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Possible Duplicate:
C# 'var' vs specific type performance

Are there any performance costs (in terms of type conversion, etc.) if I write the line

SqlConnection c = new SqlConnection(connectionString))


var c = new SqlConnection(connectionString))
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marked as duplicate by dlev, CodesInChaos, Oded, Adrian Carneiro, BoltClock Jul 25 '11 at 20:24

This question has been asked before and already has an answer. If those answers do not fully address your question, please ask a new question.

No type conversion occurs. var is syntactic sugar, the compiler infers the correct type. – Oded Jul 25 '11 at 20:12
Come on, this has been asked a dozen times on SO alone (see stackoverflow.com/questions/356846/… and its linked section for some). Is this kind of thing really that hard to google or infer from the easily-googleable descriptions of the feature? – delnan Jul 25 '11 at 20:13
There are also times when there is no static type, creating or projecting into anonymous types for instance. You have to use var as the type then. – asawyer Jul 25 '11 at 20:14
And can people please find other excuses to ask questions than "performance costs"? – BoltClock Jul 25 '11 at 20:16
@delnan: sorry, I guess i am too lazy today :) – Silverlight Student Jul 25 '11 at 20:16
up vote 8 down vote accepted

No. The compiled IL is identical.

The only potential side effect is in the case of inheritance, if you're variable definition is a base class, and you instantiate a subclass. If you do:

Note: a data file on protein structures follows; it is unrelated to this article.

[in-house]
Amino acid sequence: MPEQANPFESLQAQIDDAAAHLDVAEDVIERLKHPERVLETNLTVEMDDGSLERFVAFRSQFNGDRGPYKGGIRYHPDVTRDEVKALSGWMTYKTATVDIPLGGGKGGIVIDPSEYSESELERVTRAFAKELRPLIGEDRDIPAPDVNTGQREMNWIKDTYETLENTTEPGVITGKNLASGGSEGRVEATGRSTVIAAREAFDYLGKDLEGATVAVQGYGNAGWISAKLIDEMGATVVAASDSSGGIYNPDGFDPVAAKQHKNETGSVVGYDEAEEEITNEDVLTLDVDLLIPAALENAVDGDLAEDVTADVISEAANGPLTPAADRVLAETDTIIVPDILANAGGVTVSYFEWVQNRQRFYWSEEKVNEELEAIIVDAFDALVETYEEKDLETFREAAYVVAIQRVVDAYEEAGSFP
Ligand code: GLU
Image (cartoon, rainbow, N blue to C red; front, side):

BaseClass item = new DerivedClass();

This will potentially act differently than:

 var item = new DerivedClass();

This is because the second compiles to:

 DerivedClass item = new DerivedClass();

In most cases, it should behave identically (due to the Liskov substitution principle). However, if DerivedClass uses method hiding it is possible to have a change in behavior.

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so then why any develoepr should use "var" when using "SqlConnection" make code more readable (IMHO)? – Silverlight Student Jul 25 '11 at 20:12
@Silverlight Student: Most people feel that the first makes the code more readable - especially in the case of method chains used in features like LINQ. It also allows for anonymous types to be used. – Reed Copsey Jul 25 '11 at 20:14
Because he thinks the redundancy makes it less readable. But there are existing questions on this. It comes down to a matter of style, and those a personal preference. And there are some scenarios (anonymous types) where var is necessary since you can't name the type explicitly. – CodesInChaos Jul 25 '11 at 20:14
@Silverlight Student: It's a matter of taste--but it can shorten up a line of code considerably if the type name is long (especially when using generics) and makes a line more readable in certain cases by not repeating the type name. It also comes in handy when writing code in books or forums to shorten up otherwise lenghy lines of code so that the reader can concentrate on the relevant part of the code. – Matt Smith Jul 25 '11 at 20:18

No. The compiler knows at compile time what var should be (the return of new SqlConnection is, in fact, SqlConnection. When the compiler knows the type of the right hand side, you can use var.

This has no runtime performance implications

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I believe var is processed at compile time, so it is simply a shortcut for writing the code. This means that the compiled version is identical.

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